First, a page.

There's something here for everybody, which ironically means there's the possibility there's something here to alienate everybody as well. When you're all over the map, you'll have your advocates and detractors regardless how well you attempt to justify the master plan. Bolcom correctly notes that this was a labor of love, and not a commissioned piece.
One can tell that it was a labor of love, and it should be appreciated for what it is, and not derided for what it is not, nor could ever be. There'll always be the wag who'll propose to edit out the dissonant, disjunct parts to build a "better" piece of music more palatable to mass audiences not interested in having the consonant songs punctuated by some of the heaviest blocks of low-brass chords ever recorded.
For people who think Parry was the last word on setting Blake to music, this recording should be a revelation -- either of their shallow unwillingness to "use their ears like a man" Ives , or, one would hope, of a very personal vision of the breadth and scope of Blake's ideas brought to life in the world of sound. Like the other reviewers, I found this composition, and this recording, to be superb: The other reviews are quite helpful, but since they all sound as if written by academics, I want to add that this work is accessible and moving for a wider audience as well.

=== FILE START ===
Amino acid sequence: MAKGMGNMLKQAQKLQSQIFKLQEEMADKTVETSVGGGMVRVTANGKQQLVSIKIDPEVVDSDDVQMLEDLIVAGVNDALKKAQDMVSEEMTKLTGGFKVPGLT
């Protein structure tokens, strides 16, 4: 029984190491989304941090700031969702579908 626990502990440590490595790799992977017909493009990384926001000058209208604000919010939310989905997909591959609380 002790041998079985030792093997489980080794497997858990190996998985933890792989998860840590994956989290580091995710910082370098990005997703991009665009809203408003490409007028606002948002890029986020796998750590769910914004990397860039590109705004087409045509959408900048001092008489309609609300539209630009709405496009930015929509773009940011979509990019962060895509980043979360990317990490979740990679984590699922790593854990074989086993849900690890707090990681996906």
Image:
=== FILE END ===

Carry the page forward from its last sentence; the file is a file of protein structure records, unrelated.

Even without background in the poems, any careful listener would find this piece rewarding, although it is most certain to draw you into the stunning poetic work of Blake as well. See all 27 reviews. Most recent customer reviews. Published 1 year ago. Published on February 25, Published on February 1, Published on November 6, Published on July 4, Published on November 11, Published on June 11, Published on February 12, Return to Innocence Lyrics [Vocal Sample: The main vocals on the track are sung by Angel X aka Andreas Harde.
Release Date January 4, The Cross of Changes Enigma. The Eyes of Truth. Dream Of The Dolphin. Out from the Deep. The Cross of Changes.